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The Madonna of the Cave – Ithaca


The Panaghia Spiliotissa, or the Panaghia ton Vlachernon as it is properly known, is a little magical site on the hillside of a mountain on Ithaca. The path winds up through peaceful fields and smallholdings that Homer’s Laertes , the father of Odysseus whose farm is supposed to be around here, would have probably recognised –  the red Toyota pick-up truck would be strange to him, but the  chickens clucking around the tyres, the goats bleating, the cypresses waving and the aromatic hot breezes wafting around your feet as you walk would all be familiar. The path then climbs up steadily around gnarled olive trees – young saplings when Laertes also climbed here, every turn revealing a new view over as far as Zakinthos, timeless views with the echo of old gods still clinging to dried flower heads, grass pods, trees and rocks,  till it reaches the Spiliotissa.










Like most of these little secret holy places, it was probably a cave with a resident nymph or dryad in Laertes’ time, until one fine day in 1823…

Two men, (as the priest’s wife told me) were digging their fields and as men do, they fought, All day long.  They fought so much that they didn’t manage to get the field dug, so decided to take shelter in a  cave they knew nearby, and spend the night there, (to avoid facing their wives most likely with the day’s work not done.)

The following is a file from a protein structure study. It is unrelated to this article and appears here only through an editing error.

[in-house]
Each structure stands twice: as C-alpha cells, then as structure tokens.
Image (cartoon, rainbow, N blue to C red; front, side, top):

In the middle of the night, they were awakened by a bright light shining from a dark corner of the cave. Much frightened, the one hiding behind the other, they crept to the corner to see what the light was that was shining so bright. There they saw a small icon of the Virgin Mary lying against the cave wall. At daybreak, they left the cave and took the icon home with them. The next morning though, it had disappeared and miraculously found its way back to the cave. Three times they brought the icon home with them, and three times it returned miraculously to the cave. Finally they bowed to the will of the icon,  and built a small chapel in the cave dedicated to the Virgin.

On the 2nd July, the villagers of Ithaca wind their way in happy procession past Laertes’ fields, past the echoes of the old gods clinging to the dried grasses and flower pods, past the gnarled olive trees, and up to the chapel, where small oil lamps burn all year, and hold a rustic mass. And the icon now stays put.



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